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Actor Pablo Schrieber experiments with his voice while narrating the audiobook version of Jack London’s 1903 Yukon-set adventure novel, The Call of the Wild.

Audible

When he’s not working in television (The Wire, Orange Is the New Black) and in film (Skyscraper and the coming First Man), Pablo Schreiber likes to read – and sometimes he gets paid to do it. Previously the British Columbian narrated the audiobook version of Bret Easton Ellis’s American Psycho, and recently he put his voice to Jack London’s 1903 Yukon-set adventure novel, The Call of the Wild, for Audible. We spoke to the busy actor by phone.

I read The Call of the Wild as a class assignment in Grade 9. Totally aside from the recording process involved with this audiobook, I love the rediscovering of a book at a different part of my life, and how the journey of a book affects you in a different way than it did when you were younger.

As far as the recording, I think we did it in four or five days. Typically they were eight-hour days. The process is workmanlike in many ways.

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Creatively, the book has different characters, which means different voices and determining how you want to interpret those characters. I haven’t done much vocal recording in film. I don’t do cartoons. So, I’m not that experienced in creating wildly different voices. I try to give an essence of character, without being too deeply characteristic in changing each one up.

I’m very interested in the themes of the novel. The idea of accessing our wilder side, and the journey we all have in finding our uninhibited and animalistic side. That’s the part of The Call of the Wild that resonated with me more on the second reading.

The thing that stood out to me is how accessible it still is. There are sections where the language is of a different time. There was a certain decoding involved. But the rest of the book just flows.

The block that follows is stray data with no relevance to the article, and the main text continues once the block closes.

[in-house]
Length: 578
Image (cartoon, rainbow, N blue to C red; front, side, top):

Obviously with the time period that it’s set in, the Gold Rush era, there’s a bunch of different characters up there from different walks of life. They all have to sound different. There are a couple of French-Canadian characters and a Scottish-Canadian character as well. Getting those sounds correct was obviously one of the challenges of the job.

With Jack London and Mark Twain, both of these guys came to the forefront at similar times, with similar experiences. It was such a watershed moment for readers. The stories from Jack London and Mark Twain in newspapers and magazines were the mass media of their time. The world was expanding, and people were really curious. They were the Beatles and Elvis of writing.

It’s a much smaller world now. Everything’s been done. I guess the next version of this would be space exploration. Certainly the people who went to the moon would be an example. I’ve got a project coming in October called First Man, with Ryan Gosling playing Neil Armstrong. That is such a fascinating time as well.

There are parallels, with people sending back images of the moon for the first time. So, we’ll hit certain times of history like The Call of the Wild again, when we have these new experiences of exploration. And the whole world will be watching.

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